While 25 countries prohibit them altogether, a further 18 regulate them as tobacco products, and 12 treat them as medical products, says the international body in its 2015 Report on the Global Tobacco Epidemic.
Analysing regulation of e-cigarettes and related technologies, which WHO terms “electronic nicotine delivery devices” (ENDS, or ENNDS for non-nicotine versions), the WHO also says that:
- 17 include them in national legislation on smoke-free environments.
- 13 cover e-cigarettes with national laws on advertising, promotion and sponsorship.
- Nine require health warnings.
Very broadly, the WHO figures seem to back up those given earlier in the year by researchers at the Institute for Global Tobacco Control at the Bloomberg School of Public Health, Johns Hopkins University, Baltimore, Maryland.
They found that 70 out of 102 large countries have some form of e-cigarette regulation, and tend to control the products using existing laws relating to tobacco or nicotine.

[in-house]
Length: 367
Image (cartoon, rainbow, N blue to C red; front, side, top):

What This Means: There are notable differences between the WHO and Johns Hopkins data, but these likely arise largely from the range of countries studied (the WHO’s membership of 194 nations includes virtually every one on Earth, while the university looked only at bigger countries).
It’s also worth noting that none of these figures include regional or local regulation, which – as we’re seeing in the U.S. particularly – can add up to a framework that’s not only every bit as restrictive as national law, but more complex too.
In any case, the precise numbers aren’t all that important. While the proportion of outright bans may be a gloomy reminder for the industry, the big takeaway from both the WHO and Johns Hopkins numbers is, surely, the reliance on tobacco models for e-cig regulation.
– Barnaby Page ECigIntelligence staff
Photo: Boston Public Library